to Mr. Fish.
The Hague , May 25, 1874. (Received June 15.)
Sir: The national fete commemorative of the coronation of William HI, on the 12th of May, 1849, has had such an absorbing interest throughout the Netherlands during the last two weeks that little has transpired unconnected with some demonstration of loyalty to the House of Orange.
Amsterdam, being the capital and the city where His Majesty was crowned, was naturally designated as the place where the ceremonies incident to the twenty-fifth anniversary of the event should be observed.
At 10 o’clock on the morning of the 12th the King and Queen, the Prince of Orange, Princes Alexander, Henry, and Frederick, the Grand Duke of Saxe-Weimar, and the Grand Duchess, (King’s sister,) a large number of courtiers, cabinet ministers, the corps diplomatic, and many others, titled and untitled, assembled at the “new church” for the observance of such ceremonies as had been prepared for the occasion.
After the performance of a grand cantata came a succession of felicitations to His Majesty; first by the two Chambers of States-General; afterward by the mayor and council of Amsterdam, the governors of the different provinces, and other civil and municipal organizations, ail breathing a spirit of loyalty, but of manly independence.
At the conclusion of his address the burgomaster of Amsterdam presented to His Majesty an elegant portfolio, containing a national gift of 100,000 florins, with the names of the contributors, which was graciously acknowledged, and immediately set apart by His Majesty for the benefit of the disabled in the war of Acheen. This popular announcement was greeted with loud huzzas, and cries of “Vive le Roi,” interrupted only by the louder cries of the King, of “Vive la Neederland,” and this was instantly seized as the key-note to a still wilder enthusiasm.
At the conclusion of the services at church the royal family returned to the palace, near by, where they were soon joined by the Czar of Russia, who had come to congratulate in person his royal cousin.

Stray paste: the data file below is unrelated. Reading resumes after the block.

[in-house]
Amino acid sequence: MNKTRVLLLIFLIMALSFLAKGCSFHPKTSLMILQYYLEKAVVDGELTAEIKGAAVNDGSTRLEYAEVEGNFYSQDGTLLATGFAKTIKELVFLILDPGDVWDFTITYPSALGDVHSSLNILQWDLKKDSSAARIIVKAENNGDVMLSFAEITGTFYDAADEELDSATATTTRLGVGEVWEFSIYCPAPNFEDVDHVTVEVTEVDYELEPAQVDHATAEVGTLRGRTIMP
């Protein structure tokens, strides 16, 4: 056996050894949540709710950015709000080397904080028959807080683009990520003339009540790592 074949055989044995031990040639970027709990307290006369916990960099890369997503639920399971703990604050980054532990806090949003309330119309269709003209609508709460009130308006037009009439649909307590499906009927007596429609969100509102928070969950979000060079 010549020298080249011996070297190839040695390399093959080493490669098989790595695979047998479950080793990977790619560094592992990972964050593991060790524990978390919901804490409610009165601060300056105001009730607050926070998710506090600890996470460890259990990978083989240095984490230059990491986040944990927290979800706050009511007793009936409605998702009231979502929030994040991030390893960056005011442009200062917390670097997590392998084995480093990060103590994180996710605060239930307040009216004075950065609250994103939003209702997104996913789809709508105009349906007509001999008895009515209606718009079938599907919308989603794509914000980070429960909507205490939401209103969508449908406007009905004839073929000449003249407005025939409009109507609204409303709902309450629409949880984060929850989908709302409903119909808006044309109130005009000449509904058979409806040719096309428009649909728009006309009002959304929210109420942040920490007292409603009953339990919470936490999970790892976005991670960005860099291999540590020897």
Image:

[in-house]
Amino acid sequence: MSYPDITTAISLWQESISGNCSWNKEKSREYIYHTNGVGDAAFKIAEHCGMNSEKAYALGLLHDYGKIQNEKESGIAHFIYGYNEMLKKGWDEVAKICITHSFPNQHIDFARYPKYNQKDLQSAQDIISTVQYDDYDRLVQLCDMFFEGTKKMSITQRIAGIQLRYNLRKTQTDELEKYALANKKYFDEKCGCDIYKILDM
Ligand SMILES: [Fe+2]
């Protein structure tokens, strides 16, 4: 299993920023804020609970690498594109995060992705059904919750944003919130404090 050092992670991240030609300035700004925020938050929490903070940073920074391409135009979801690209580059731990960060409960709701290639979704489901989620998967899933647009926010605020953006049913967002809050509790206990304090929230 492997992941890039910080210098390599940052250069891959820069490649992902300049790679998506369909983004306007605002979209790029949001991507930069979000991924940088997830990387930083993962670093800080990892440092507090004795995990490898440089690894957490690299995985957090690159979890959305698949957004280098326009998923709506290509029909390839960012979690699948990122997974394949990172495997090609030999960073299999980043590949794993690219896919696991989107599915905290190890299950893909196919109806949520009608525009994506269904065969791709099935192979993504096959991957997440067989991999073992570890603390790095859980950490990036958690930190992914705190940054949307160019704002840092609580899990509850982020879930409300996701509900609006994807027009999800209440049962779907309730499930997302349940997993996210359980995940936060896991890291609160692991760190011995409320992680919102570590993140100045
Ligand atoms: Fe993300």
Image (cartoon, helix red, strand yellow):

A marked feature in the programme of the day was a lengthy cavalcade, historical and allegorical, gotten up at great expense, in illustration of important periods in Netherland history between the beginning of the sixteenth century and the French revolution.[Page 783]
A banquet at six, followed by a general illumination and pyrotechnic display, concluded the public demonstrations of the day.
On the 15th the royal family returned to the Hague, where their reception was all they could have desired. On the 19th they participated at a banquet given by the city authorities, and at which the king responded at considerable length to a toast offered by the burgomaster, and with marked oratorical ability.
On the 21st the jubilee was observed at Rotterdam. The weather was propitious, the people full of loyal enthusiasm, and the display such as rarely occurs with a people not more demonstrative than the Dutch are reputed to be. There was an evident effort to rival what had been done elsewhere, and it might be unjust to say that it failed of success.
Yesterday the king retired to the Loo, where he was welcomed with extraordinary tokens of respect.
Politically the whole has been interesting. At Amsterdam, at the Hague, at Rotterdam, all seemed in accord. Every house was illuminated, each displayed national and dynastic colors, and everybody appeared anxious to add éclat to the occasion. A few insist that it is not the King, but the dynasty of Orange-Nassau that excites the homage of the people; that no recognized head of this venerable house could receive less; and that out of the line of William the Silent no king would be possible with this people.
That an almost superstitious veneration is cherished by Hollanders for the dynasty under which they live there is no doubt, neither should there be respecting the popularity of their reigning sovereign. His policy is peaceful and the country has prospered under his rule. The people govern themselves, in fact, and the King is willing they should, so long as they do not run after strange gods or trespass on the perogatives of the Crown. And I have little doubt, should he submit his kingship to popular vote, that he would be re-elected to reign over the Netherlands by a majority little short of the whole number of voters in the realm.
In conclusion, judging from what has passed under my observation from time to time, especially of late, I believe it fair to assume that no people come nearer being satisfied with their country, their government, their sovereign, and themselves, than the inhabitants of this busy little kingdom.
I am, &c.,